You can contact the project manager for this workstream at [email protected]
The GIRFT national report on renal medicine has now been published
Click here to read an overview of the report and its recommendations.
We’ve also produced a short video with a summary of the report, including the key recommendations and opportunities for improvement.
On 7th December 2021, GIRFT joint clinical leads, Dr Will McKane and Dr Graham Lipkin hosted a webinar to examine key aspects of the national report and discuss putting the recommendations into practice. If you wish to view this webinar, please contact [email protected]
Joint Clinical Lead: Dr Graham Lipkin
Consultant nephrologist, University Hospitals Birmingham NHS Foundation Trust (Queen Elizabeth Hospital), and immediate past president of the Renal Association.
Joint Clinical Lead: Dr William McKane
Consultant nephrologist and clinical lead for transplantation, Sheffield Kidney Institute, Sheffield Teaching Hospitals NHS Foundation Trust.
Dr Will McKane trained in medicine at Cambridge and St Bartholomew’s Hospital, London, qualifying in 1990. He undertook postgraduate renal training in St Mary’s Hospital, London and Lister Hospital, Stevenage. During his training he developed a subspecialty interest in transplant nephrology and was awarded a PhD by Imperial College, London in the field of xenotranplant immunobiology.
In 2001 he was appointed as a consultant nephrologist at Sheffield Teaching Hospitals NHS Foundation Trust. He was clinical director of the renal and transplant service from 2007 to 2013, and led the transplant workstream of the Yorkshire and Humber Renal Strategy Group. He remains the clinical lead for transplantation in Sheffield. He was a member of the British Transplantation Standards Committee 2015-17 He has been a member of the NHS England Renal Clinical Reference Group since 2013 and is currently the data lead, with responsibility for renal and transplant dashboards. He represents the CRG in the transplant tariff development process.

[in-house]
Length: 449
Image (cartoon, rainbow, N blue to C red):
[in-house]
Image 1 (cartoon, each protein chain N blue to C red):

On his appointment as joint clinical lead, Dr McKane said: “Renal medicine is rich in data and this has been central to the Quality Improvement process that has thrived within the specialty. We must ensure that we are making the most of the data we have to deliver the best possible quality care for renal patients. The Getting it Right First Time programme represents an excellent opportunity for the specialty to stimulate the quality improvement process by highlighting variation across the country. Graham and I are looking forward to meeting all the renal teams in England, discussing their data and sharing good practice.”